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SYS-CON.TV
Sun Turns J2SE Into Laboratory For New Java Licensing Experiment
It All Depends What the Meaning of "Open" Is...

"We're trying to simplify, as best we can, all the legalistics," Sun Fellow Graham Hamilton told the press yesterday - meaning the 'legalistics' involved in Java application development.

Sun's "Project Peabody" - a codename that no one has yet explained - involves the introduction, in approximately a month's time, of a new license called JIUL, standing for Java Internal Use License; and another called JDL, for Java Distribution License.

JIUL will supersede the SCSL (Sun Community Source License), Hamilton said.

Hamilton, a Sun VP and Fellow in the Java platform team who was the lead architect for J2SE releases 1.3, 1.4 and 1.5, added that Sun's main goal is to "increase the transparency of [its] licensing" with the JCP and the development community at large. 

Sun has also created the JRL (Java Research Licence) - a new license created specifically for universities and researchers who want to use Java technologies as subject matter for learning and research. The JRL is intended for all Java platforms, profiles, and standard extensions currently covered under Java SCSL licenses (e.g. J2SE, J2EE, and J2ME).

"It was written to simplify and relax the terms of the existing 'research' section of the current SCSL," says Sun at its website, adding:

"This license is designed for the research community. This includes schools and universities as well as companies that are interested in investigating new products and services using Java technologies. This research license is only for initial research and development projects, and can be used for java.net projects among peers who have agreed to its terms. If you decide to use your project internally for a productive use, and/or distribute your product to others, you must sign a commercial agreement and meet the Java compatibility requirements."

The JRL is not, Sun stresses, a commercial license. It is only for initial research and development projects. If you decide to use your project internally for a productive use, and/or distribute your product to others, you must sign a commercial agreement and meet the Java compatibility requirements. Developers can send questions related to the JRL to JRLFeedback@sun.com, and/or post comments on the java-net project forum.

The three new Java licenses interest, but do not overly impress, Burton Group VP and Research Director Anne Thomas Manes, moderator of the "App Server Shoot-Out" Keynote Panel at this year's Web Services Edge 2005 in Boston which can still be viewed on SYS-CON.TV (http://sys-con.tv) in its entirety.

"Sun should have open-sourced Java five years ago," she told a reporter.


About Jeremy Geelan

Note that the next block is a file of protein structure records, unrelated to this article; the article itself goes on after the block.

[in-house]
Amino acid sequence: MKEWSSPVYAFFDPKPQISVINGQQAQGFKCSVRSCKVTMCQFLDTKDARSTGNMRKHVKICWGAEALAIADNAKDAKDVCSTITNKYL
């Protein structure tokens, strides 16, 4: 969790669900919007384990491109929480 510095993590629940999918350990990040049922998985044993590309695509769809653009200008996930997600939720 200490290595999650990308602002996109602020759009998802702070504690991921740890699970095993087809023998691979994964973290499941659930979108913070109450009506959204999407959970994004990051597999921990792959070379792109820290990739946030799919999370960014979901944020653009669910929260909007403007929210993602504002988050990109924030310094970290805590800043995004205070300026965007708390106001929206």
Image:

Jeremy Geelan is Chairman & CEO of the 21st Century Internet Group, Inc. and an Executive Academy Member of the International Academy of Digital Arts & Sciences. Formerly he was President & COO at Cloud Expo, Inc. and Conference Chair of the worldwide Cloud Expo series. He appears regularly at conferences and trade shows, speaking to technology audiences across six continents. You can follow him on twitter: @jg21.

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Reader Feedback: Page 1 of 1

Classic Sun.

Maybe Sun should bid against Oracle and SAP for Retek and take people's eyes off Java for a bit ;-)

Java Research Licence, Java Distribution License, Java Internal Use License...smoke and mirrors or the real thing? How long are they, where can we find them to check them out, and when?

Wasn't James Gosling supposed to speak on this topic, how come Graham Hamilton took over?

Java + OSS commented on 18 March 2005:
Kim Polese, now CEO of SpikeSource, has written (http://www.sys-con.com/story/?storyid=48533&DE=1): Java's success derives from principles that are central to the growth of open source software

Thanks for that link.

So will the SCSL go away for J2EE too soon?

Sun spent $863 million on research and development through the first half of its 2005 fiscal year and McNealy said the company's investments were "paying off with heightened interest from existing customers and attention from new customers." (Feb. 2, 2005)

}}} Kim Polese: Java's success derives from principles that are central to the growth of open source software {{{

Maybe so, but do these 3 new more-open-but-not-quite-open licenses adhere to those same principles, or merely muddy the waters?

Kim Polese, now CEO of SpikeSource, has written (http://www.sys-con.com/story/?storyid=48533&DE=1): Java's success derives from principles that are central to the growth of open source software

1.6 "mustang" will be named java 6.0, for whatever reason.

i just assume they will never go to 2.x, but continue on with 1.x up until forever.

the whole "java 2.0", "java 5.0" is stupid to begin with.

I could have swore I read this article (Sun planning on opening Java) - in 1989?

See this article for some inside info on the naming (http://www.sys-con.com/story/?storyid=48538&DE=1).




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